The holidays mean a lot of different things to a lot of different people. To us here at CastleMountain Lodge it means welcoming members of our lodge family back to our wonderful property. It means working hard to get Christmas lights up all over the property. It means quiet snowfalls, a crackling fire, and the magic that only this season can bring. It means our Old Fashioned Christmas Package and it means we get our spiced cider in the crock-pot for our guests to enjoy.
It’s a guest favorite and we go through gallons of cider throughout the season. We get out lights up by Thanksgiving and leave them up until just after Valentines Day and our cider follows the same schedule. It always feels good to gather the ingredients, get it cooking in the lobby and enjoy the smell it brings and the conversations it promotes as guests spend time in the lobby by a crackling fire enjoying our famous concoction.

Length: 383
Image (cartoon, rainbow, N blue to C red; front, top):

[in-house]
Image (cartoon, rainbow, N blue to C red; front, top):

Guests often ask how it’s made and we give them the quick run down, it’s actually very easy. But we figured it would be nice to show you exactly how it’s done!
1 orange 3 cinnamon sticks 1 bottle of the apple juice of your choice 1 bottle of the cranberry juice cocktail of your choice.
Fill a crock pot two thirds to three quarters full of apple juice. Fill remainder one third or one quarter with cranberry juice. Using more apple juice will make it sweeter, using more cranberry will make it more tart.